February 2, 2017
Today, U.S. Congressman Scott Peters (CA-52) voted against reversing the Bureau of Land Management’s methane rule, put in place at the end of last year to reduce methane emissions from oil and natural gas extraction on public lands. In 2014, operators spewed 9.8 million metric tons of methane into the air – pollution with a short-term climate effect equivalent to the emissions from 200 coal power plants over twenty years. The rule prohibits the direct release of methane, puts stronger restrictions on controlled burning of methane from wells, and requires new technology and more frequent inspections to reduce unintentional methane leaks.
“Short-lived climate pollutants are the low-hanging fruit in the fight to mitigate climate change. Embracing innovation to reduce the emission of superpollutants like methane – which is 87 times more potent than carbon dioxide – buys us time as we transition to a clean energy economy,” said Rep. Scott Peters. “This rule would help increase revenues, curb waste, and reduce harmful emissions that threaten the health of our families and the climate. But instead of finding a space where we can work together and make the rule work for businesses and communities, my colleagues want to eliminate it entirely and take a massive step back at a time when we need to be thinking about the energy solutions of the future.”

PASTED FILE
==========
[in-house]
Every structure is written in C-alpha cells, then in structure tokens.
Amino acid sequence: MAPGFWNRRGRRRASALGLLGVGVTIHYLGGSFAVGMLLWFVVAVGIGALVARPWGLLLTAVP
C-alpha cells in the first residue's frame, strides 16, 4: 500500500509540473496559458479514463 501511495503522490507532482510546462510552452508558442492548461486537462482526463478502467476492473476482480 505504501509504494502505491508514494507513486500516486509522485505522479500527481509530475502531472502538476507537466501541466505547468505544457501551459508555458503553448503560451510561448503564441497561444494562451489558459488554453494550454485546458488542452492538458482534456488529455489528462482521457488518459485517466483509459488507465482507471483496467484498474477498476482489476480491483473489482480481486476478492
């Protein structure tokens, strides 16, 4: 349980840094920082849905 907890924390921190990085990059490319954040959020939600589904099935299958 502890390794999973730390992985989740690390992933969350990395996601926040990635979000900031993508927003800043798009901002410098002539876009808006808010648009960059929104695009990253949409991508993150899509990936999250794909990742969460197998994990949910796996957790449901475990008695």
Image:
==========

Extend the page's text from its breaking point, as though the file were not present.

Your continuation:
The resolution to overturn the rule through the Congressional Review Act will now move to the Senate. If it passes, the methane rule will be blocked and the Bureau of Land Management will be prohibited from issuing a similar rule until Congress gives them authorization to do so.